Malavath Poorna brought great honour and glory to the state of Telangana and India by becoming the first ever tribal woman in the world to conquer the six tallest mountain peaks located in six continents across the world. Poorna has become a torch bearer and a source of inspiration for millions of marginalized girls across India. Poorna’s expeditions triggered a powerful chain reaction in Telangana’s rural villages and tribal areas and many poor parents have been sending their children, especially girls to the residential schools, colleges and higher learning institutions in large numbers year after year. On the sporting front, Nandini of Narsingi Social Welfare Institution added another feather to the TSWREIS’ cap by bagging gold medals in long jump and 100 mts hurdles at the Khelo India Youth Games, 2020, Guwahati. In a rare feat in the history of TSWREIS and perhaps for the first time in India, the students of TSWREIS launched tiny payloads ‘Swaerosat-1 and 2 ’ into the atmosphere from Tata Institute of Fundamental Research (TIFR, Hyderabad), which was hailed as a symbol of the aspiration of millions of marginalized people in the country.

The Societies also emphasize on organic engagement with the community and at every conceivable opportunity, interact with both parents and community. Unique programs like Quest, Impact and Amma Nannala Halchal have brought about remarkable changes in educating the parents about the importance of their children’s education and the evils of girl child marriages. These initiatives have been instrumental in bridging the gap between the teachers and the parents and in making parents important stakeholders of TSWREIS. Halchal competitions and future parent training programs are taking the parent-teacher relationship to the next level by fostering mutual trust. The Societies also train some teachers in career counseling; exposure visits to reputed educational institutions in the country are organized for teachers and schools to learn and implement best practices. Training programs are organized for all teachers regularly and panel inspection teams assess the institutions on different parameters and every year the best teachers, principals, schools and staff are honoured.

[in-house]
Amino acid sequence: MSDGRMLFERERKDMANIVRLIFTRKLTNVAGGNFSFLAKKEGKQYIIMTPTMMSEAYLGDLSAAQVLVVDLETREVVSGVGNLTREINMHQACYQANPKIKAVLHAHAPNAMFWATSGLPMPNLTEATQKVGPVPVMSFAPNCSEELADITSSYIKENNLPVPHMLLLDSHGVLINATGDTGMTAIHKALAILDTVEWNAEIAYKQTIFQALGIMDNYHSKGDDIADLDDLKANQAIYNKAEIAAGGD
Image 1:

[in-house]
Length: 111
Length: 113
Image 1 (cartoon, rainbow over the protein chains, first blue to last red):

The Welfare Institutions believe in seamless experimentation, syncing themselves with emerging trends in the education space and emerging global market. Envisioning the sweeping changes in the workplace in the 21st century, the Welfare Institutions have been trailblazers in establishing specialized schools: School of Fine Arts, Sainik School, Sports Academies, Coding Schools and Centres of Excellence Colleges (COEs), Earth schools, Vocational Colleges and Freedom Schools. TSWREIS has taken a unique step in setting up the first-ever Armed Forces Preparatory Degree College for Women with the vision to groom marginalized young women into prospective officers of the Indian defence forces, thereby helping them break the social taboo of the weaker sex and enter male dominated bastions. Coding schools were launched to teach poor children computational thinking, coding and data analytics skills.

The turnaround in the Telangana government residential schools wouldn’t have been possible without the trust of both the government and the larger community. The teaching community which is the pivot in this entire revolution drew its critical support from the community. The government and management played a catalytic role in this transformation. The Telangana model of residential education has a lot of lessons for the country in the arena of inclusive development and achieving the much needed equality guaranteed by the constitution.

*The Swaeroes Ten Commandments are an oath that the students of the social welfare schools take every day. Read more about this practice later in the article.

Note: The views expressed here are the author’s personal views and are not the official version of his organization.

The author is a vet by education, cop by profession, and educator by passion. Not satisfied with what he achieved in the police service, he took a deep dive to transform the lives of marginalized children through quality education in Telangana. He deeply believes that unconditional love is the foundation for learning anything. He has a weakness for reading and running. He can be reached at